Business at Aston Martin Lagonda has become so dire that the company needs a bailout from billionaire Canadian investor Lawrence Stroll, according to multiple reports on Friday.

Stroll, who made his money in the fashion business and is part owner of the Racing Point Formula One team, is leading a consortium of investors who will pay $239 million for a 16.7% stake in the company. Stroll will then be named Executive Vice Chairman of the company. Aston Martin also plans to sell 45.6 million new shares priced at about $5.27 each to raise another $417 million, pending shareholder approval. Stroll's consortium may purchase the new shares. The company's share price is down about 75% since its IPO in October 2018.

The situation is so dire that Stroll is injecting an immediate $72.8 million into the company to keep operations afloat, according to CNN.

The ownership share of the European and Kuwaiti investors that currently own about 61% of the company is expected to drop to 50.5% with the shakeup.

With the deal, the Racing Point team will become Aston Martin F1 starting with the 2021 season, according to a Friday statement from Aston Martin Lagonda. The company's current sponsorship of the Red Bull Racing team will continue through the 2020 season, and its relationship with Red Bull Advanced Technologies, which is helping to develop the Aston Martin Valkyrie, will continue until that car is delivered.

Aston Martin said 2019 sales were disappointing across Europe for all car lines and the Vantage in particular. The company also had increased expenses due to the DBX launch and shortfalls in expected savings in regard to headcount reduction and other cost-savings measures. Aston Martin said it has 1,800 orders for the DBX after the order books opened on Nov. 20, 2019, and that number is higher than it has seen for any other vehicle. Production for the DBX is set to start in the second quarter of 2020.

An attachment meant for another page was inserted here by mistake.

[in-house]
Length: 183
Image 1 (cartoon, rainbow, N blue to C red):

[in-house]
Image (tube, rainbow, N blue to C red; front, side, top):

The company is also revising the release timeline for future products. The Vanquish, which Aston Martin calls its "mid-engined core car," is expected to be revealed after the Valhalla is shown in 2022. The Lagonda brand, which will focus on electric cars, will be relaunched no earlier than 2025. The electric Rapide E is "substantially" complete, but it has been paused and will be reviewed. The Rapide E had been expected this year. Aston Martin also noted that development continues on a modular V-6, based on its V-12, that will be used in the company's core cars. Hybrid variants are planned to start in the middle of the decade.

Aston Martin's statement said nothing about its parts partnership with Mercedes-Benz, which could provide inline-6 engines if Aston Martin were so inclined.

The British luxury brand said its priorities moving forward are to launch the DBX in the second quarter, reduce operating costs by $13.16 million annually and $9.21 million in 2020, deliver the Valkyrie later this year, and relaunch the Vantage and its roadster variant this spring.

Special vehicles will also continue as part of the reset plan. The Valkyrie and Valhalla are two of them. So are the "Goldfinger" DB5 continuation cars that will begin production this year. The DBS GT Zagatos will also arrive this year to complete the DBZ Centenary Collection. A V12 speedster will debut later this year and deliveries will start in the first quarter of 2021. The company also plans to reveal new specials, including one heritage special and two contemporary specials, each year.